A very common belief regarding the exchange of gifts is that the gift giver often feels happier than the gift recipient. This principle underlines the selfless idea that it is better to give than to receive. From a psychological standpoint, altruistic acts towards others, with no expectations for something in return, results in an emotional lift that is perceived to have extrinsic benefits. According to Dr. Darlene Silvernail, psychology instructor at South University- West Palm Beach, the satisfaction obtained from observing the expression on a person’s face due to a gift that you’ve given to them far outweighs the satisfaction of the recipient of the gift. However, is gift giving truly an altruistic act? Or does it complicate social relationships between the giver and the recipient?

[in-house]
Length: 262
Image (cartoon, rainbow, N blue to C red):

Devin A. Byrd, PH.D. associates professor in Behavioral Sciences at South University- Savannah, sees two possibilities behind the social interactions of gift giving. Byrd admits that a small portion of gift givers are truly giving without the expectation of something in return, known as generalized reciprocity in anthropological terms. However, the vast majority of gift givers have an alternative motive behind their presents, and expect something in return known as balanced reciprocity. It is believed that gift giving is a way for the giver to reduce guilt, and often implies a reciprocated act of kindness from the recipient. Byrd believes that we have, “an innate desire to receive when we give. No matter the gift, people want to receive.” From an anthropological perspective, regardless of if we have selfless intentions, our actions can create complex social functions that we may not have been intended. This ties in with the idea of rational choice theory, which suggests that people tend to behave in a manner that will maximize their own self-interest. Gift giving applies this idea and can be used to better your own social status. In other words, the more you give, the better you look. Anthropologist Marilyn Strathern argues that our individual cultures lead to our motivation for gift giving, and that based on our society determines our expected outcome from giving a gift. Does this imply that where we come free determines our stance on reciprocity? What happens if a gift is so good that it cannot be repaid? All of these complications behind a gift beg the question, is there truly such a thing as a selfless gift? Or do we consciously or subconsciously expect something more from gift giving even if we “believe” we are being altruistic?